Since those who live close to the Sacred Mosque are required to perform the pilgrimage only, and not the `Umrah, they cannot have the option of tamattu`. They have no sacrifice to offer and, consequently, the ruling of fasting ten days instead does not apply to them, either: “This applies to those whose families are not resident in the vicinity of the Sacred Mosque.”
At this juncture the sūrah draws attention to a vital and fundamental aspect of man’s relationship with God. It exhorts: “Fear God, and know well that He is severe in retribution.” The requirement for proper observance of these rulings would be an ever-present sense of God-fearing, and an appreciation of the awesome power of His retribution. By its very nature, iĥrām invokes a high sense of awareness” of God and an eagerness not to incur His displeasure, which must be maintained, with equal vigour and sincerity, during the interval when the pilgrims are relieved from the restrictions of iĥrām. Pilgrims are expected to remain vigilant and self-controlled throughout the whole period.
2. Linguistic Analysis[ edit ]
4. Miscellaneous Information[ edit ]
6. Frequency of the word[ edit ]
7. Period of Revelation[ edit ]
The scholars are unanimous that Surah al-Baqarah is Madani and that it was the first Surah revealed in Madinah. [Ibn Hajar al-Asqalani in Fath al-Bari no. 160/8].
Despite it being the first Surah to be revealed in Madinah, it contains Ayaat from a later period also. In fact, according to Ibn Abbas [as mentioned in Ibn Kathir] the last Ayat revealed to the Prophet was Ayat no. 281 from Surah al-Baqarah and this occurred 8 days or so before his death [which corresponds to the year 11 Hijri].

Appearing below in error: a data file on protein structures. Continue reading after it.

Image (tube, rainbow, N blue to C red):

8. Reasons for Revelation[ edit ]
In order to understand the meaning of this Surah, we should know its historical background:
1. At Makkah, the Quran generally addressed the polytheist Quraysh who were ignorant of Islam, but at Madinah it was also concerned with the Jews who were acquainted with the creed of Monotheism, Prophethood, Revelation, the Hereafter and Angels. They also professed to believe in the law which was revealed by God to their Prophet Moses, and in principle, their way was the same (Islam) that was being taught by Prophet Muhammad. But they had strayed away from it during the centuries of degeneration and had adopted many un-Islamic creeds, rites and customs of which there was no mention and for which there was no sanction in the Torah. Not only this: they had tampered with the Torah by inserting their own explanations and interpretations into its text. They had distorted even that part of the Word of God which had remained intact in their Scriptures and taken out of it the real spirit of true religion and were now clinging to a lifeless frame of rituals. Consequently their beliefs, their morals and their conduct had gone to the lowest depths of degeneration. The pity is that they were not only satisfied with their condition but loved to cling to it. Besides this, they had no intention or inclination to accept any kind of reform. So they became bitter enemies of those who came to teach them the Right Way and did their utmost to defeat every such effort. Though they were originally Muslims, they had swerved from the real Islam and made innovations and alterations in it and had fallen victims to hair splitting and sectarianism. They had forgotten and forsaken God and begun to serve material wealth. So much so that they had even given up their original name “Muslim” and adopted the name “Jew” instead, and made religion the sole monopoly of the children of Israel. This was their religious condition when the Prophet went to Madinah and invited the Jews to the true religion. That is why more than one third of this Surah has been addressed to the children of Israel. A critical review of their history, their moral degeneration and their religious perversions has been made. Side by side with this, the high standard of morality and the fundamental principles of the pure religion have been put forward in order to bring out clearly the nature of the degeneration of the community of a prophet when it goes astray and to draw clear lines of demarcation between real piety and formalism, and the essentials and non-essentials of the true religion.